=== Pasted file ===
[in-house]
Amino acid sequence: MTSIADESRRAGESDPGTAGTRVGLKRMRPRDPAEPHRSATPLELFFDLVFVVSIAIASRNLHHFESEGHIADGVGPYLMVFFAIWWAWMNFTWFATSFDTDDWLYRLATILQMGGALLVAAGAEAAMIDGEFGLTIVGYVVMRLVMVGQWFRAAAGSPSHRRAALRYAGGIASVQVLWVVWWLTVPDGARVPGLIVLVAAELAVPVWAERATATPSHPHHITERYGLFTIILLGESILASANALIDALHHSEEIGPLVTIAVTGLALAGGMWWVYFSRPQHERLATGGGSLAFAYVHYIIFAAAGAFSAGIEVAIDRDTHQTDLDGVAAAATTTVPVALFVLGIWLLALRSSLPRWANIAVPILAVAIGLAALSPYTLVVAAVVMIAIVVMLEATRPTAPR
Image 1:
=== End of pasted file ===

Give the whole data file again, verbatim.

[in-house]
Amino acid sequence: MTSIADESRRAGESDPGTAGTRVGLKRMRPRDPAEPHRSATPLELFFDLVFVVSIAIASRNLHHFESEGHIADGVGPYLMVFFAIWWAWMNFTWFATSFDTDDWLYRLATILQMGGALLVAAGAEAAMIDGEFGLTIVGYVVMRLVMVGQWFRAAAGSPSHRRAALRYAGGIASVQVLWVVWWLTVPDGARVPGLIVLVAAELAVPVWAERATATPSHPHHITERYGLFTIILLGESILASANALIDALHHSEEIGPLVTIAVTGLALAGGMWWVYFSRPQHERLATGGGSLAFAYVHYIIFAAAGAFSAGIEVAIDRDTHQTDLDGVAAAATTTVPVALFVLGIWLLALRSSLPRWANIAVPILAVAIGLAALSPYTLVVAAVVMIAIVVMLEATRPTAPR
Image 1: